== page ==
Make sure to check weather conditions before going up there. Loveland Pass always closes in case of recent heavy snowfall.

    Equipment: Yourself, your friends, some snacks, and a $5 dollar sled bought at Wal-mart!

    Loveland Pass, Continental Divide
    Related to:
    • Hiking and Walking
    • Skiing and Boarding
    • Family Travel

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  • tejanasueca's Profile Photo

    Ski in Loveland

    by tejanasueca Updated Sep 5, 2004

    3.5 out of 5 starsHelpfulness

    Loveland might not be the biggest skiing resort in Colorado, but it offers something most resorts don't: easy accessable natural, i.e. not groomed, slopes for the intermediate and advanced skiier. Go to the top of one of the slopes in Loveland Valley and feel like you are in the backcountry! (Loveland has the highest lift served terrain in the northern hemisphere)

    + Loveland Basin (there is a shuttle that takes less than 5min) is a great place for a first time skiier so a mixed level family/group can spend the day in the same area.

    Another big plus is that Loveland Ski Area offers FREE PARKING!

    Equipment: Bring it or rent it in the store at Loveland Basin. The prices there are cheaper than at the big resorts, but probably not as cheap as if you where to rent it in Denver. Ask for group discounts.

    Chair 1, Loveland Ski Area
    Related to:
    • Study Abroad
    • Skiing and Boarding

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  • tejanasueca's Profile Photo

    Hike the Mount Massive Wilderness Area

    by tejanasueca Updated Sep 5, 2004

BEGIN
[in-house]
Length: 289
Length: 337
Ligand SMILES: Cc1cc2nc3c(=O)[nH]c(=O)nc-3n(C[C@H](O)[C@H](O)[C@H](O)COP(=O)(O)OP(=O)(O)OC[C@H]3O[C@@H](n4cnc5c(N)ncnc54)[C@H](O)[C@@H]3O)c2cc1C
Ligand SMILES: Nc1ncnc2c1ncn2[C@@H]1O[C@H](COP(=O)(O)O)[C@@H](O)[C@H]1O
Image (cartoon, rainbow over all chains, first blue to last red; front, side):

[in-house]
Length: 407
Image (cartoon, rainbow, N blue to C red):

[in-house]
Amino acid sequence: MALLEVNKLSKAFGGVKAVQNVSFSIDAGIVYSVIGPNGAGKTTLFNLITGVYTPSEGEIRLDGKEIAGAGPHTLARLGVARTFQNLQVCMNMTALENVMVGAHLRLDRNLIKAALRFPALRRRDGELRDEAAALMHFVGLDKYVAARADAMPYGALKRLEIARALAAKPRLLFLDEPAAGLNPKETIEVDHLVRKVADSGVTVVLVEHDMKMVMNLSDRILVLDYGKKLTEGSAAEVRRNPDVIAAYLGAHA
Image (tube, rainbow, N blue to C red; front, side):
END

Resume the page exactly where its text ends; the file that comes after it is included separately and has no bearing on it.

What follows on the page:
3.5 out of 5 starsHelpfulness

    The hike, located in San Isabel National Forest, is only 7 miles and can be done in a day if you start early. However, it is worth it to bring a tent and spend the night down by "Native Lake." The spot offers god camping ground and Mount Massive, Colorado's second highest peak (14,421 ft), can be seen in the background.

    The hike starts off with a switch back climb, it then crosses an open plateau, before you descend into the valley with the lake. When you get to the lake, keep left to find several good camping spots. End the weekend with going to Quincy's Steak House in Leadville (see restuarant tips).

    Equipment: Caution: The conditions change fast and are very different from the conditions down in Denver (two hours away). We went during Labor Day Weekend (first weekend in September) and woke up to the first snow off the season (in Denver, it was still summer like conditions). So, BE PREPARED. BRING WARM CLOTHING AND GOOD HIKING BOOTS.

    Mount Massive Wilderness Area, Colorado
    Related to:
    • Backpacking
    • Hiking and Walking

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  • tejanasueca's Profile Photo

    Skiing/Snowboarding (Breckenridge)

    by tejanasueca Updated Jul 30, 2004

    3.5 out of 5 starsHelpfulness

    Both tourists and locals love the slopes in what locally is called just "Breck." The newly opened (03/04) lift #7 provides some naturally rolling hills. Lots of lifts and slopes for all levels, however, it can still get a little bit crowded on the weekend. Tuesday afternoon is usually the slowest day.

    Equipment: There are plenty of places to rent equipment in Breck, however, if you want better prices, rent your equipment ahead of time down in Denver (pick it up the night before you need it, that way you can get an early start).

    Related to:
    • Skiing and Boarding

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  • goingsolo's Profile Photo


    by goingsolo Written Jul 12, 2004

    2.5 out of 5 starsHelpfulness

    Snowshoeing is very popular in the winter, but can also be done in the early summer in places such as Rocky Mountain National Park, where the high elevation means that snow has not melted by this time of year.

    Snowshoeing in Rocky Mountain National Park

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  • goingsolo's Profile Photo

    Rock climbing

    by goingsolo Written Jul 12, 2004

    2.5 out of 5 starsHelpfulness